Wednesday, 25 March 2020

Tips For Teaching & Entertaining Children At Home



I've written a fair few posts on the subject of teaching children at home since we became home educators 2 years ago, but none of them seem fitting for the situation that the vast majority of the world currently finds itself in.

With millions of schools across the world closed, and no real idea of how long for - there are so many parents who have suddenly found themselves not only grappling to understand this new normal that's been thrust suddenly upon us all, worrying about how to keep their families financially stable and keep a roof over their children's heads, but also with the sudden added pressure of educating and entertaining their children at home, every day of the week. Probably while trying to adjust to suddenly working from home themselves too.

It's a lot to deal with. And before I go any further with this post (Which I'm writing only because of the number of messages I've had asking for it), let me first just say that I don't personally believe that anybody should be worrying themselves about their children's education right now, on top of everything else.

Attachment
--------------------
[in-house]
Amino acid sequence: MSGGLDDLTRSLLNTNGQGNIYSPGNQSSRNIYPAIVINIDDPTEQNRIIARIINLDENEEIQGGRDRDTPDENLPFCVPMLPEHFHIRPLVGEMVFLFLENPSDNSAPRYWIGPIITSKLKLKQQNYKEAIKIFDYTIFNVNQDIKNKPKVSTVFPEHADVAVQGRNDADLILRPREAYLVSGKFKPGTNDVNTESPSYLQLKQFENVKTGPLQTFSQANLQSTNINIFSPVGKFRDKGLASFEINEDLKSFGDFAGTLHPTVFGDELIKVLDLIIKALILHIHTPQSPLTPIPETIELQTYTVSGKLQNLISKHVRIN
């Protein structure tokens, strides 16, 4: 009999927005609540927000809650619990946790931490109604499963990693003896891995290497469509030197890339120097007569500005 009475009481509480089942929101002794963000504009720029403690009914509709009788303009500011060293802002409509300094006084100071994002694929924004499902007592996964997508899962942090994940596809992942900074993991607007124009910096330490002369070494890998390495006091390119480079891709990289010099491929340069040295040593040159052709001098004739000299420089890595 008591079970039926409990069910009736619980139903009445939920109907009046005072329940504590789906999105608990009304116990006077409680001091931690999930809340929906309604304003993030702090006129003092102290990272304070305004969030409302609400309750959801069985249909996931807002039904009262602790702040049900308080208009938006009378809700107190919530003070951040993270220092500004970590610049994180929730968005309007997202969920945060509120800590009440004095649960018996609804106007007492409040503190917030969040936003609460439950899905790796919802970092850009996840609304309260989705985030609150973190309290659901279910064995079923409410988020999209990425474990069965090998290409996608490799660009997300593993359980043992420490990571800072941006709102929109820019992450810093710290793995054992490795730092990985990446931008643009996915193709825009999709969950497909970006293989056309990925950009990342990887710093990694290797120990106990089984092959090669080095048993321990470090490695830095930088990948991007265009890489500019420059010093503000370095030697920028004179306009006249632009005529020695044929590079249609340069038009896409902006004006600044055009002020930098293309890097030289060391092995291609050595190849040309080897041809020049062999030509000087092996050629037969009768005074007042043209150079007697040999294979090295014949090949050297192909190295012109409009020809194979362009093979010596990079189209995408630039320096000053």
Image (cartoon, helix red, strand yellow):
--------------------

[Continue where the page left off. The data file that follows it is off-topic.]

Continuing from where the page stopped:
Kids are resilient, and every child in the country (and beyond) is in the same position right now. They are all experiencing this gap in their schooling together, and when school does resume - steps will no doubt be taken to help them get back on track. Any work that has been given to you by your child's school was most likely put together in a hurry, and with the intention of helping you to keep them busy.